MySpace Teaches Us All About Backups

Our final story for today is of the kind that leaves us asking, “How could this happen?”

According to TechCrunch, the old social networking giant MySpace says they’ve “accidentally” lost massive amounts of music uploaded by users over more than a ten-year period. Savvy listeners may recall that MySpace launched the careers of numerous bands and musicians, and it was a haven for high school indie bands and professionals alike for many years. Now, that content has vanished into the digital ether forever. According to the company, more than 50 million songs representing 14 million different artists on the site were destroyed and lost during a “server migration issue.”

There are a lot of questions here, especially since MySpace is being so tight-lipped about everything. It seems like an extremely poorly executed software update — did they not use a test server? Why are there no backups? Why can’t they simply roll the server back to the previous state? We don’t know, but we do know this: this is amateur-level stuff. 

What can we learn from this? Well, for the average user, this is a perfect example of why keeping safe backups of your data is so important. There are a lot of different ways to handle them, but here are the ones you can consider:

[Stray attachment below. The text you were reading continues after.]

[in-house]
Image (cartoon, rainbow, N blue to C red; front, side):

First, you could backup to an external hard drive — though, if it’s your only other copy, you’re still at risk if something were to happen to that hard drive. Apple’s Time Machine is handy for backing up to external drives, but if your backups are all on-site, something such as a house fire can still lead to the destruction of all your data. Next, you can use off-site backups, where your data is stored on a hard drive somewhere other than your home, like in a safe deposit box.

Cloud services are useful, too. iCloud isn’t exactly a backup service, but it can help you hold on to all kinds of valuable data. Other services such as Dropbox and Amazon’s S3, which allow you to keep copies of your files in the cloud. These can be clunky, though. There are some very robust cloud services, though, which can give you access to multiple backups over time, so you always have protection.

Ultimately, a combination can be the most useful solution. A local solution, such as Time Machine, combined with a third-party cloud backup service will give you the best coverage. Covering all your bases with a broader backup solution is what lets you enjoy true peace of mind. For content creators, it’s important to remember that you can’t trust others with your data — not MySpace, not YouTube, and not Facebook. Even services set up to hold your data, such as Flickr, will sometimes fail you. Take personal responsibility for your own backups!